This is something most people don’t expect in a biryani but then there is a vegetarian community and they should not be deprived to taste the wonders of the dish and so there is vegetable biryani, sometimes called as pulav or Tehari. Again, depending upon the region carrots, beans, potatoes, cauliflower, and peppers go into the dish. You can also personalize it and add dry plums, beetroot, and jackfruit.
This is what distinguishes Biryani from any other rice dish. The quality, quantity and the way the spices are used gives variations to the biryani for eg. Hyderabadi Biryani is spicy where as Andhara Biryani from the same region is not so spicy. Some traditional essential spices used cardamom, bay leaves, mint, coriander, cinnamon, saffron and rose. For added flavor, go ahead and add cashew nuts, or raisins, but be forewarned, many don’t prefer to have nuts in their Biryani. Here is a video on How to make Biryani Masala at Home –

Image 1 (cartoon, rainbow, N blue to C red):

If you want to be as historically (and flavor-fully) accurate as possible, you need to get a handi. This is what you will need to make the original biryani. Once both the rice and meat are cooked separately, they’re layered in the handi. The bottom-most and top-most layer being the rice, with the meat and spices in the middle.
Once your Biryani Masala is ready, you would be interested to know How to make the authentic Biryani and here is the easiest recipe to make the most traditional Hyderabadi Mutton Biryani.
How many Calories does Chicken Biryani have?